God is the God of Love

I have been the recipient of some unprecedented acts of kindness, generosity, and love throughout my life thus far.

5th  Grade wasn’t the best year for me. What I mean by that is, it was a terrible year for me. I was still smoking cigarettes occasionally and had been cut from my soccer team. I was failing multiple subjects, and I had missed recess and social interaction for over three months rapidly trying to make up any work that I hadn’t completed.

I understand that these shortcomings, in the grand scheme of life are not monumental, but for the developmental trajectory of a 5th grader, I was not on the best path. Half way through the year, my fourth grade teacher, Ms. Sarich, volunteered to take me to her classroom for an hour or two after school to help me with my homework and keep me focused on school. She didn’t do it for money, to my knowledge she was never compensated over her regular salary. She didn’t do it because my performance and test scores might boost her resume. They wouldn’t, I was already out of her class and my performance boost, being great in 4th grade and dropping in 5th was not going to bolster her career in any way. She simply helped me because she loved me. She loved helping young people. Whether she knew it or not, by showing her students, myself included, love, she showed them God.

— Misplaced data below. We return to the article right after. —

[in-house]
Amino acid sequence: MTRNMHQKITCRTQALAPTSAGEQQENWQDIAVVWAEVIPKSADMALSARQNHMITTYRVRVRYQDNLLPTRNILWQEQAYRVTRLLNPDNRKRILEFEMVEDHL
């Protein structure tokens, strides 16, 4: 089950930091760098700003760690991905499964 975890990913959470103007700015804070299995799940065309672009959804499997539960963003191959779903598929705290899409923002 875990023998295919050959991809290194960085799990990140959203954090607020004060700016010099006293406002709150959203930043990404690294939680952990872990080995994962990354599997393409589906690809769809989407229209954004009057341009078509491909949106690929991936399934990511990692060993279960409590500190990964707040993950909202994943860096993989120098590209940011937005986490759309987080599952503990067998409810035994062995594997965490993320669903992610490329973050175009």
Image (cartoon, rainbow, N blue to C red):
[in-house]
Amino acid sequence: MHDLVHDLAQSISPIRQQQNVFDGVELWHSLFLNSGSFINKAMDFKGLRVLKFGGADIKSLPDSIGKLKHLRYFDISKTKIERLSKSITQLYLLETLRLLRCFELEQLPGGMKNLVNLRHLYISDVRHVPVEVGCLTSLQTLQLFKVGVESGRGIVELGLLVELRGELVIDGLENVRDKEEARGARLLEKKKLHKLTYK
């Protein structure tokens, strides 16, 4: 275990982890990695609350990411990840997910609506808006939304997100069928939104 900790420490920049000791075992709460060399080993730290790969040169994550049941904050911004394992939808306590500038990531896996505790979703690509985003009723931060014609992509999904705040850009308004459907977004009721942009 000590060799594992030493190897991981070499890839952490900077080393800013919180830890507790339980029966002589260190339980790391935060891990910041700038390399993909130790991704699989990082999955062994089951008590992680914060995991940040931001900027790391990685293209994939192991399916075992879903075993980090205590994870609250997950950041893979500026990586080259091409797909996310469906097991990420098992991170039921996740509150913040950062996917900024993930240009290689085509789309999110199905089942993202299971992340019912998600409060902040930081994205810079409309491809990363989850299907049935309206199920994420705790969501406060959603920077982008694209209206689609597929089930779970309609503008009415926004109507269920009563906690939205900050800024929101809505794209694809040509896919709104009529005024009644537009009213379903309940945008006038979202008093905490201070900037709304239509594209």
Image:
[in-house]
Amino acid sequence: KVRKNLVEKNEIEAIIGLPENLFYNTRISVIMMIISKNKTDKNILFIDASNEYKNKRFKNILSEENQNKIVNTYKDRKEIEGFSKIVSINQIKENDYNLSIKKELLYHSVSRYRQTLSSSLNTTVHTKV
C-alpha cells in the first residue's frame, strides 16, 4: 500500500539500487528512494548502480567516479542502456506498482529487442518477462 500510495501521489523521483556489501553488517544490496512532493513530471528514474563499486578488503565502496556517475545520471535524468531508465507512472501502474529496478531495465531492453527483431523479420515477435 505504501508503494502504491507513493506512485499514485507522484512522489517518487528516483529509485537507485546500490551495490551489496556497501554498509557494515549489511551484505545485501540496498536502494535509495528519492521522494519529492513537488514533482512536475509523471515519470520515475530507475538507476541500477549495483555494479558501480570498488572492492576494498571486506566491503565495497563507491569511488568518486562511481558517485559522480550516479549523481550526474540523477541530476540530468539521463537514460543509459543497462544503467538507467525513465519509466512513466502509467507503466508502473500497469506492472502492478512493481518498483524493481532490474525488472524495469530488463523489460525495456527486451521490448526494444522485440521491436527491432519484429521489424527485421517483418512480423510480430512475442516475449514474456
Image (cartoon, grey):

Although maturity wise I am not sure I have surpassed the age of 10, I am not in my mid twenties. I have also been privileged enough to have attended and graduated my undergraduate college program as well as the first of two Master’s programs, earning academic achievements along the way.

I don’t whatsoever say that as a point of pride in accomplishment. I actually believe the longer you stay in school the more you realize you just don’t know. I say that because my academic trajectory was remarkably shifted due to the care and selfless love of a former teacher, and I feel there is a great part of my limited academic success that is due to her teaching.

I have had many other instances, from funds being donated anonymously so that I could attend or accomplish things, people donating time and energy to mentoring and caring for me and my well being, the way my parents raised me and what they taught me, of how my life has been altered significantly, by the love of others.

I am sure my small group leader in middles school would be shocked if he knew I was now indeed, a youth pastor, and yet the love he showed me week by week, simply by being in my life, had a remarkable impact on my life, and on the way I see God.